What does this mean in terms of our response to the mental health impact of Covid-19? It means that we should respond to need as it arises in different individuals and in different settings, for example, schools and workplaces. We know that the Covid-19 crisis has affected individuals' mental health in different ways resulting in loneliness, fear, trauma, unemployment, anxiety, increased alcohol consumption and increased domestic abuse. These effects require responses from a range of services and agencies. Specialist mental health services are an essential element of the response for some but certainly not for all individuals. The challenge in Ireland is that Covid-19 has landed on a mental health service that is already fragile and over-stretched. Broader-based services in primary care settings and the community and voluntary sector all have an essential role to play. However, resources for mental health have almost exclusively been directed towards specialist psychiatric services to the neglect of primary care mental health services. Mental health promotion and building resilience, which we now know constitute the cornerstone of a public health approach, have not been seen as the core business of either mental health services or health promotion services and have not been resourced accordingly. It is important to say that the choice here is not between specialist mental health services or non-specialist services. Just as mental health needs exist along a continuum the response to this need requires a continuum of services. I will not revisit the requirements here, which are set out in detail in Mental Health Reform's pre-budget submission, but investment is needed to maintain existing levels of service as well as to develop the continuum of services recommended in Sharing the Vision. New capital investment is needed to build new acute mental health units. Some essential elements of the system have never been built, for example, psychiatric intensive care units to enable safe and effective care to be provided for individuals with a high level of complex need. In Ireland, we often depend upon the Prison Service to respond to acute need. Opportunities can be maximised in other capital projects, such as in primary care centres, to co-locate mental health services, which facilitates the provision of integrated care.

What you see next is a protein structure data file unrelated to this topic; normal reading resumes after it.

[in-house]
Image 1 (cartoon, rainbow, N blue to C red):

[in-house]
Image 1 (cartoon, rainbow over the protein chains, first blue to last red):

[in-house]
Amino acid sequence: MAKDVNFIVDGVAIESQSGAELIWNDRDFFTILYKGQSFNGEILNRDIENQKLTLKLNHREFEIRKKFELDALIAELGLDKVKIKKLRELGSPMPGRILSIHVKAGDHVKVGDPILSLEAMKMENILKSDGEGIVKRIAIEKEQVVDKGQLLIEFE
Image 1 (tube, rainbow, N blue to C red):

In terms of the Government or State role in supporting mental health, where does responsibility lie? Of course, the Department of Health and the HSE have a central responsibility but the Covid experience has demonstrated how an effective public health response requires many Departments and agencies to contribute to a societal and economic recovery as well as recovery in individual health. The same is true for mental health. We know many factors have a role in determining and influencing a person's mental health and we need to become much better at working together. There are some examples to build on such as the joint policy statement on housing options for older people and the make work pay initiative of the Department of Social Protection. Over the past year, Mental Health Ireland employed 80 people with lived experience of mental health difficulties but more needs to be done for people with mental health difficulties who have fluctuating conditions so that there is a flexible approach to supports increasing and decreasing as a person's needs change. Modern and sophisticated social protection systems need to better accommodate this reality in people’s lives.